Compiled by Brandi Quintero & Kayla Tucker
The morning after the Presidential candidates Hillary Clinton and Donald Trump took the stage to debate, the Grand Rapids Community College campus was anything but void of commentary.
From Donald Trump’s numerous interruptions to Hillary’s apology for her 33,000 unreleased emails, this debate will be one to remember forever.
When it was all said and done, GRCC Political Science Professor Keith St. Clair said Clinton won the debate.
“(Trump) seemed to have Hilary on the back foot at the beginning, with the trade issues and jobs and then, as the debate went on, she seemed to get the best of him near the end, and quit well,” St. Clair said.
Gordon Vurusic, also a political science professor at GRCC, agreed that Clinton won.
“She was more composed , she had much better command of the issues, she was more successful in unraveling the cool of the other candidate, Mr. Donald Trump,” Vurusic said. “But Donald Trump still managed to present himself as a candidate of change. In the sense that he kept attacking Hillary Clinton by saying: ‘You have been in politics for thirty years and you have changed nothing.’”
Joe Strands, of Grandville, said he “kind of” watched the debate.
“I thought it was kind of funny, but they kind of argued more about personal information and just tried to bash each other,” Strands said.
While those who watched the debate hosted by NBC Nightly News host Lester Holt disagree on who won, most who tuned in seemed to be entertained.
Nancy Richard, 70, GVSU archivist visiting GRCC’s campus Tuesday, said Trump was rude.
“He sniffed through the whole debate,” Richard said.“I thought Hillary was good. She didn’t take the bait. She held up really well against Trump. I was worried about her.”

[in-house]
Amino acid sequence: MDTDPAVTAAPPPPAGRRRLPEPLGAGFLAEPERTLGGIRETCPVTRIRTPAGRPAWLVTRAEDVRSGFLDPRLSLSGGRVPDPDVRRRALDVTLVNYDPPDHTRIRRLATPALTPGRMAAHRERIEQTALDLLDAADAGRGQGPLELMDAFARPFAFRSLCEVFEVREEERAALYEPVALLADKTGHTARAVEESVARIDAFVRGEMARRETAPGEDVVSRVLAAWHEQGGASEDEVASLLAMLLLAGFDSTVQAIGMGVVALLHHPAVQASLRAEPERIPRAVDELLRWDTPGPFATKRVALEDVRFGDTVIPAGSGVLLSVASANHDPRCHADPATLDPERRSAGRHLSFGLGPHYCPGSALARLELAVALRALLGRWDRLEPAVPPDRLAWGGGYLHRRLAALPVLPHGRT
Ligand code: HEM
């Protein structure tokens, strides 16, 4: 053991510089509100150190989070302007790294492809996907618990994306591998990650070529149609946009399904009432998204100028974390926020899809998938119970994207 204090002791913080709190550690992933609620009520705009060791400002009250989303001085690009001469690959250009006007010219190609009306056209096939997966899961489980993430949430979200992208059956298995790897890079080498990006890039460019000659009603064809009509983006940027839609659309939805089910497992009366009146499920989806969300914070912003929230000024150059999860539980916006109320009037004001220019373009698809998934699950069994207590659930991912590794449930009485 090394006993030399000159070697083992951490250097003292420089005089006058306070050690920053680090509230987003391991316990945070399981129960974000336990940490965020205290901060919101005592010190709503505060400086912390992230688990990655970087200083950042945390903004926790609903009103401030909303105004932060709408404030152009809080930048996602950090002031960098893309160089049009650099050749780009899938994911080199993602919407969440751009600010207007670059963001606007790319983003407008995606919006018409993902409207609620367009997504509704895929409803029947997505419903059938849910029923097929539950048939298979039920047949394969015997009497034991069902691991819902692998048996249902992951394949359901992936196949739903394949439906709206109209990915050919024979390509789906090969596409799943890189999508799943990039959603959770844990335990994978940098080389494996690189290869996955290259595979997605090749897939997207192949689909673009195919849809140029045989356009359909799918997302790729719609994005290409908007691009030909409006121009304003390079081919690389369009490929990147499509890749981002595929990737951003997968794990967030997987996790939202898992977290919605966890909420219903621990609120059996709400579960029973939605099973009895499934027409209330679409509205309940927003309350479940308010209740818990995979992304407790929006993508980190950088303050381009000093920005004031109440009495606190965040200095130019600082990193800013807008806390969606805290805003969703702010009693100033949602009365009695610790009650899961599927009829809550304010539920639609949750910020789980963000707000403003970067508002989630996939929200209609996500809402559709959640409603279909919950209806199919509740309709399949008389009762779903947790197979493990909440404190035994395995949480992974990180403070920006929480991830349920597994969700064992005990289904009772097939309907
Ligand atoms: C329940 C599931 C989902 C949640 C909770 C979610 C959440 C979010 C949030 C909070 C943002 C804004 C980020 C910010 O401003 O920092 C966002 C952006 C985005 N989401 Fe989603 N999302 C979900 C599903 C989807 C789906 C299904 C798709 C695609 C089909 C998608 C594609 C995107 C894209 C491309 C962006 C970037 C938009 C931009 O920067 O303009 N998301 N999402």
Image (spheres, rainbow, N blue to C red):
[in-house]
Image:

Lydia Schmitt, 19, of Byron Center said the debate was very one-sided.
“Lester was asking Hillary questions and focusing more on Hillary and Trump had to keep defending himself,” Schmitt said.
Pat Hornick, 64, of Grand Rapids, said it wasn’t a debate.
“It was a discussion on who was going to get the last word,” Hornick said.
Michael Price,18, said he didn’t like what Trump said.
“I didn’t really like the things he said about race,” Price said. “I don’t support everything Hillary says but I like how she is inclusive of everybody. She said some good points, Trump had some good points, but overall I’d probably go with Hillary.”
Elizabeth Griffin, 56, said she was “thrilled at how composed and clear headed” Clinton was.
“I could absolutely trust her,” Griffin said.“She gave clear responses, and I thought Donald Trump was quite evasive.He did not give clear responses on how he would build the economy. I just trusted Hillary and she kept her composure and I just felt like she was quite wise.”
St. Clair said the there are not that many people at this point who are on the fence about who to vote for.
“Is it going to win any Trump supporters over to Hilary? No,” St. Clair said about anyone who may be changing their minds at this point. “Is it going to win any Hillary supporters over to Trump? No, but people who are truly on the fence, who must be an endangered species, they might have been swayed.”
The students who skipped last night’s debate had their reasons. Rhonda Kekenta, cashier at the GRCC bookstore, said she didn’t watch the debate because she “is sick of Hillary’s emails, and sick of (hearing about) Donald’s tax returns.” If she wanted to hear people bicker, Kekenta she would watch the “The Jerry Springer Show.”
Raynard Ross, Associate Dean of Student Success and Retention, 45, of Grand Rapids, said he didn’t tune in because he is “frustrated and annoyed with partisan politics in general.”
Meanwhile, Macy Baker, 20, of Holland, said she didn’t watch the debate.
“I don’t care about politics and I don’t like either of the candidates,” Baker said.
Nicolas Rodela, 28, Grand Rapids, said he didn’t watch the debate because of Trump.
“I stopped watching it because I can’t handle Trump’s mannerisms,” Rodela said. “He just can’t keep his mouth shut when it isn’t his turn.”
Phoebe Leek, 19, of England, offered an international perspective.
“I feel bad for Americans because neither candidate is a good political leader,” Leek said.
The following Collegiate reporters contributed to this report: Ashley Pell, Rachael Yadlowsky, Courtney Zenner, Talitha Hankins, Kosha Oswald, Jordyn Horton, Matthew Rios, Jonathan Stache, Jesse Shira, Karsen Leek, and Johnny Matias.